Determining CEO pay is one of the most visible decisions the compensation committee and board will make. CEO pay decisions communicate the board’s perspective on both the CEO’s and the company’s performance to employees, shareholders, and other external observers. Shareholders and proxy advisory firms primarily focus on CEO pay when evaluating whether to support the company’s say on-pay vote—and this year’s new CEO pay ratio disclosures will invite additional scrutiny.
The CEO typically has significant input on the compensation committee’s pay decisions for senior executives, as the committee wants to understand the CEO’s view of each executive’s performance, potential, and retention risk. However, committees may struggle with how much input the CEO should have into his or her own compensation. While some may suggest that the CEO should not have any involvement in the process, we have found that the CEO’s perspective can be useful when all parties understand the limits of his or her input.
While the approach can vary based on each company’s culture and the personalities involved, in our experience the following are important guidelines for compensation committees as they consider their process for CEO pay decisions.
■ The CEO should not be present when the compensation committee is making decisions about his or her compensation. It is an essential governance practice for independent directors to discuss and determine the CEO’s compensation during an executive session on its own or with the assistance of its compensation advisor.
■ Prior to receiving any input from the CEO, the compensation committee chair, board chair, or lead independent director should set clear expectations about the process and that the committee or board will make the final pay decisions.
■Directors should get the CEO’s view of his or her individual and company performance. The compensation committee’s agenda should ensure that the CEO has the opportunity to discuss his or her self-assessment before the committee meets independently to determine the CEO’s pay.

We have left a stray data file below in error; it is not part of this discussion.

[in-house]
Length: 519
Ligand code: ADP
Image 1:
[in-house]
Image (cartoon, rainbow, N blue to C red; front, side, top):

■The CEO can offer insight into the messages he or she is trying to deliver internally through compensation decisions. Compensation provides a valuable communication tool, and directors should evaluate whether the decisions they are considering for the CEO will be viewed as consistent with those being made for executives and other employees.
■Understanding the CEO’s expectations of his or her own compensation can be an important part of the process; however, this information is likely best obtained through informal conversations rather than formal board discussions. The head of human resources also may have valuable insights to share. Managing these conversations informally allows for the directors to better understand how their decisions will be received, while maintaining clarity that the decision will ultimately be made independently by the committee or the board.
■Determination of CEO compensation adjustments should not be treated as an annual negotiation with the CEO, but rather a decision of the committee or the board. There is not an expectation that the CEO negotiate with his or her direct reports when determining their compensation adjustments, so why would the CEO process be any different?
■Once decisions on CEO compensation have been made, the compensation committee chair should be transparent with the CEO about the committee’s rationale. In many cases, we have observed that during (but not before) this conversation it can be useful to share broad perspectives on the market data used by the committee. The chair should also communicate the internal and external considerations that went into their decisions.
While the appropriate process of setting CEO pay will differ by organization based on culture and other internal and external factors, maintaining important guardrails around the CEO’s involvement is essential to ensure the compensation committee’s independence and a strong governance process. In making its decisions, it is important for this committee to consider the messaging of those decisions to employees, shareholders, and the CEO, while ensuring the outcomes are consistent with the compensation philosophy and strongly align with company performance.